Naperville Smart Grid opponents renew calls to halt project
When Naperville officials signed off on a $22 million venture, in April 2010, to install 57,000 smart meters on every home and business in the city, Kim Bendis had concerns.
The Naperville nurse practitioner was concerned about her family's safety and privacy as officials talked of linking the meters to a Smart Grid that will let both the city and residents track their energy use.
But as she began researching the privacy concerns, she came across articles that began to concern her more, specifically dealing with health concerns believed to be associated with varying levels of exposure to radio frequency waves, ranging from difficulty concentrating to the development of childhood leukemia.
"I was skeptical but as I looked into all of these experts whose history is such that they've been studying the microwave radiation for decades," she said. "If this is safe, show me the research that can back up a safety profile on this new wireless technology that we want to put in Naperville."
Bendis was one of several residents who spoke Thursday evening during a forum hosted by the Naperville Smart Meter Awareness Group, an organization of residents who have repeatedly asked the city to delay or totally pull the plug on the project until further research can be done in both the health and privacy arenas.
The city, however, has vowed to continue the program and attest to the safety of the meters. The city is conducting a pilot program in the East Highlands area where they plan to install approximately 200 meters. Of those, 71 are in place, including one at City Manager Doug Krieger's home.
"The purpose of the pilot is to test communication and system integration," said city spokeswoman Nadja Lalvani.
"As part of the pilot, we conducted an RF emission test to determine levels of RF emissions specifically from the smart meter and have concluded that the meters are 97 percent below FCC standards."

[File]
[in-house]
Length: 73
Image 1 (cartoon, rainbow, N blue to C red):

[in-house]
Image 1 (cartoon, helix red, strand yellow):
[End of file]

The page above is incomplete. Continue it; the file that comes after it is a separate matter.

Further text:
Diana Ostermann, a former Naperville resident with a work history based in wireless technology, however, called the emissions test a failure and urged residents to ignore the city's conclusion, saying the tests only measured the levels at which the emissions cause heat and not lower levels which are believed to be associated with the other symptoms.
Naperville Smart Grid Initiative Ambassador Charles Schlabach, who has been trained by the city to answer questions about the initiative and make presentations about the program, said Thursday that he wishes the awareness group would partner with the city to get questions answered rather than "antagonizing" city officials.
"I just wish they would follow the facts. I'm not just pushing this program for the heck of it. I think it can help us
with our energy consumption," Schlabach said. "We want to make sure this is done right too and if we see the city heading down the wrong path we're challenging them too. Really we should all be on the same page to get questions answered truthfully for the better of the entire city."
The city maintains the project is a safe investment in Naperville's city-owned utility that will modernize the city's electric grid using digital technology.